Anthelm of Belley

From Wikipedia, the free encyclopedia
Jump to: navigation, search
Not to be confused with Anselm of Canterbury.
Saint Anthelm of Belley
St Anthelme priez pour nous.jpg
Bishop of Belley
Born 1107
near Chambéry, Savoy, France.
Died June 26, 1178
Belley, France
Honored in
Roman Catholic Church
Feast June 26
Attributes depicted holding a lamp lit by a divine hand

Anthelm of Belley (1107–1178) was a prior of the Carthusian Grand Chartreuse and bishop of Belley.

He was born near Chambéry in 1107. He would later receive an ecclesiastical benefice in the area of Belley. When he was thirty years old, he resigned from this position to become a Carthusian monk at Portes. Only two years after joining the order, he was made the prior of the Grande Chartreuse, the motherhouse of his order, which had recently incurred substantial damage.

He was an effective administrator there. While under his direction, the community increased in numbers and fervency. He restored and improved the buildings, including constructing a defensive wall and an aqueduct. The rules of the order were standardized, and changed to allow women the opportunity to enter the order in their own houses. He also brought the other houses of the order into closer alignment with the motherhouse. The monks under his direction included Hugh of Lincoln, who expressed great fondness for Anthelm.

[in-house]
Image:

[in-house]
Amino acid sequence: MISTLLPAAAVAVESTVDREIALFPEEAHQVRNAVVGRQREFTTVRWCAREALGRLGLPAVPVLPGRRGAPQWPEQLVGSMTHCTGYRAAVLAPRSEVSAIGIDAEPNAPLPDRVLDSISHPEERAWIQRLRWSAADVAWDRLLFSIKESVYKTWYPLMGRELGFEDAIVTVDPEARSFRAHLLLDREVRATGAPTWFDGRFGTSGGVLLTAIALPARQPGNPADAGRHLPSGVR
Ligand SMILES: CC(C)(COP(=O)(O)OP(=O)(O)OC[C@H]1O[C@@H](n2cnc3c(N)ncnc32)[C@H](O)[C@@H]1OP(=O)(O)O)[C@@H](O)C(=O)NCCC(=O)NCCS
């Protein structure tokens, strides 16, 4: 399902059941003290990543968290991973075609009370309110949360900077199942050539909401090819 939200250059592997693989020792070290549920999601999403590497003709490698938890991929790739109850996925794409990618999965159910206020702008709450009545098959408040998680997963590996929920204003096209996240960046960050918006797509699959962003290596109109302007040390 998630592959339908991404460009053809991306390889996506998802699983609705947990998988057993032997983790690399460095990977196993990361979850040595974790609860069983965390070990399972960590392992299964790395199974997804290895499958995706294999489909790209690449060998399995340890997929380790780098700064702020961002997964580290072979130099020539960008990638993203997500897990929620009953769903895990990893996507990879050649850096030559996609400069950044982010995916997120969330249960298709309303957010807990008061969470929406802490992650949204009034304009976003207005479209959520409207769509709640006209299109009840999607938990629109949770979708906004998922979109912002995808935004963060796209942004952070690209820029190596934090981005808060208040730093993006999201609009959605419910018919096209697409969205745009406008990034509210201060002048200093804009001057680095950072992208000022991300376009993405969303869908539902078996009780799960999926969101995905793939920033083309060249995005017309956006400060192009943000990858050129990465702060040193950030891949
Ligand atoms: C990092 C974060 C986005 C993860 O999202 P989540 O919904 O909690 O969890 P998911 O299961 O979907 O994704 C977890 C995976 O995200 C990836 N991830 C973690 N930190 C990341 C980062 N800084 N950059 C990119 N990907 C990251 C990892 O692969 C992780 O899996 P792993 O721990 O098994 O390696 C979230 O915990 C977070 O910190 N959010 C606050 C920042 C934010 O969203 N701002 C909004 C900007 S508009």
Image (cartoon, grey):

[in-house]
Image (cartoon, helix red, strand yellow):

Anthelm continued in his office almost constantly for twenty-four years, barring a period of a few years when he was a hermit. After that period, in 1152, Anthelm returned to the Grand Chartreuse, and helped defend the sitting Pope Alexander III against the antipope Victor IV. Alexander III appointed Anthelm bishop of Belley in 1163. In that position, he is said to have been fearless and uncompromising, working to reform the clergy and regulate the affairs of the diocese. One example of his fearlessness occurred in 1175, when Anthelm excommunicated Count Humbert of Maurienne for having taken one priest captive and murdering another priest who had tried to free him. Humbert appealed his excommunication to Pope Alexander III, who reversed Humbert's excommunication. Anthelm, who believed that Humbert was not penitent for his misconduct, withdrew from his diocese in protest.

Pope Alexander then commissioned Anthelm to travel to England to try to reconcile Henry II of England and Thomas Becket. Anthelm's health was such that he was unable to take the journey. Anthelm returned to Belley to help care for the poor and the lepers of the area.

Anthelm died at Belley in 1178. On his deathbed, he received Humbert, and recognized that at that time Humbert truly had repented of his earlier acts.

Veneration[edit]

He is considered a saint of the Roman Catholic Church, with a feast day of June 26. His feast has been celebrated by the Carthusians since 1607. His relics were enshrined in Belley.

In art, Anthelm is depicted holding a lamp lit by a divine hand.

References[edit]

External links[edit]